Tom Brady, Philip Rivers join list of aging NFL superstars to leave their longtime team for another franchise


The Tom Brady era is officially over for the New England Patriots as the quarterback announced Tuesday that he was going to do the previously unthinkable and continue his NFL career with another team. In a period where the world of sports has screeched to an absolute standstill, all eyes will be focused on where the six-time Super Bowl champ ends up. Meanwhile, on the other side of the country, the chapter of Philip Rivers’s career with the Los Angeles Chargers officially came to a close, as the eight-time Pro Bowler agreed to a one-year deal with the Indianapolis Colts

As players who will be 43 and 38 years old at the start of the 2020 season–whenever that might be–the two quarterbacks aren’t likely to turn their new respective franchises into the top-tier squads on their own. Still, each guy has enough left in the tank to provide a level of competence at quarterback that only some teams are privileged enough to even have–though that might apply to Brady a bit more than it does to Rivers.

Of course, they’re also not the first aging NFL star to make a late-career pivot to another franchise, and they certainly won’t be the last. Brady and Rivers will have these other famous players to compete against with regards to how well they succeeded with their new franchise.

Peyton Manning, Denver Broncos

Former team: Indianapolis Colts, 13 seasons
Stats (4 seasons): 17,112 yards, 140 touchdowns, 53 interceptions, 66.5% completion
Record: 45-12
Accolades: won Super Bowl 50, briefly NFL’s all-time leader in passing yards and touchdowns, one of the worst performances in Super Bowl history, three-time Pro Bowl selection

Joe Montana, Kansas City Chiefs

Former team: San Francisco 49ers, 13 seasons
Stats (2 seasons): 5,427 yards, 29 touchdowns, 16 interceptions, 60.7% completion
Record: 17-8
Accolades: Made AFC Championship in 1993 (Lost 30-13 to Buffalo), voted to Pro Bowl (2003)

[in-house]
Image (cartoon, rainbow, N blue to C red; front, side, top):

Joe Namath, Los Angeles Rams

Former team: New York Jets, 12 seasons
Stats (1 season): 606 yards, 3 touchdowns, 5 interceptions, 46.7% completion
Record: 2-2
Accolades: n/a

Emmitt Smith, Arizona Cardinals

Former team: Dallas Cowboys, 13 seasons
Stats (2 seasons): 1,193 rushing yards, 11 touchdowns, 3.3 yards per attempt
Record: 8-17
Accolades: Oldest player in NFL history to throw his first touchdown pass

Jerry Rice, Oakland Raiders/Seattle Seahawks

Former team: San Francisco 49ers, 16 seasons
Stats (4 seasons): 3,648 receiving yards, 268 receptions, 21 touchdowns
Record: 33-32
Accolades: 1,000-yard season at 40 years old, voted to Pro Bowl (2002), first player to catch a touchdown in four super bowls (Super Bowl XXXVII), became NFL’s career leader in total yardage (2002), set career NFL record for combined net yards (2004)

Brett Favre, New York Jets/Minnesota Vikings

Former team: Green Bay Packers, 16 seasons
Stats (3 seasons): 10,183 yards, 66 touchdowns, 48 interceptions, 65.4% completion
Record: 26-19
Accolades: Sets record for consecutive starts at one position (2009), first quarterback in NFL history to defeat every one of the league’s 32 franchises (2009), set record for four-touchdown games (2009), set playoff records for pass completions and passing yards (2009), eclipsed 500 career touchdowns and 70,000 career passing yards (2010)

Ed Reed, Houston Texans/New York Jets

Former team: Baltimore Ravens, 11 seasons
Stats (1 season): 38 combined tackles, 2 tackles for loss, 3 interceptions, 4 passes defended
Record: 3-11
Accolades: Helped keep Rex Ryan’s job, kinda (2013)

John Randle, Seattle Seahawks

Former team: Minnesota Vikings, 11 seasons
Stats (3 seasons): 53 solo tackles, 22 tackles for loss, 23.5 sacks, 4 forced fumbles, 2 fumble recoveries
Record: 24-19
Accolades: Voted to Pro Bowl (2001), left the NFL tied with Richard Dent for fifth in number of career sacks (2003)

Larry Allen, San Francisco 49ers

Former team: Dallas Cowboys, 12 seasons
Stats (2 seasons): Started 27 games
Record: 10-17
Accolades: Two-time Pro Bowl selection, blocked for Frank Gore’s franchise record 1,695 rushing yards (2006), blocked for Gore’s single-game franchise record 212 rushing yards (2006), defended his ESPN’s “Strongest Man Award” title (2007)

Bruce Smith, Washington Redskins

Former team: Buffalo Bills, 15 seasons
Stats (4 seasons): 133 solo tackles, 36 tackles for loss, 29 sacks, 8 forced fumbles, 1 fumble recovery
Record: 27-35
Accolades: Passed Reggie White’s all-time sacks record (2003), finished career with over 200 sacks

Junior Seau, Miami Dolphins/New England Patriots

Former team: San Diego Chargers, 13 seasons
Stats (7 seasons): 235 solo tackles, 32 tackles for loss, 9.5 sacks, 3 interceptions, 2 fumble recoveries
Record: 45-23
Accolades: Captain during Patriots’ undefeated regular season (2007)

Reggie White, Carolina Panthers

Former team: Philadelphia Eagles/Green Bay Packers, 14 seasons
Stats (1 season): 15 solo tackles, 5 tackles for loss, 5.5 sacks, 1 forced fumble, 1 fumble recovery
Record: 7-9
Accolades: n/a

Johnny Unitas, San Diego Chargers

Former team: Baltimore Colts, 17 seasons
Stats (1 season): 471 yards, 3 touchdowns, 7 interceptions, 44.7% completion
Record: 1-3
Accolades: Last career win as a starter happened against the Bills. Unitas went 10-for-18 for 175 yards, threw two touchdown passes and no picks in a 34-7 win





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